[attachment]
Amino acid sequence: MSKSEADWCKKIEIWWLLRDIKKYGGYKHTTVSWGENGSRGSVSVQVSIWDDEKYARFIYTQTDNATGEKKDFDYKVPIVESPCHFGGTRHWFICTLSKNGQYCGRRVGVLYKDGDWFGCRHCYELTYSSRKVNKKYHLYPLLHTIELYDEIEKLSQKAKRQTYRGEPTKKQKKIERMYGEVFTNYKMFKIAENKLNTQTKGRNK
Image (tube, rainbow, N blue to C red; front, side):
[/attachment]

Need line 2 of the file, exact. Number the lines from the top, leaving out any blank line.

Image (tube, rainbow, N blue to C red; front, side):